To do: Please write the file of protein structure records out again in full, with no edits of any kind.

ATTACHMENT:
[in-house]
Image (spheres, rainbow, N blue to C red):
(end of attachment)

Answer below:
[in-house]
Image (spheres, rainbow, N blue to C red):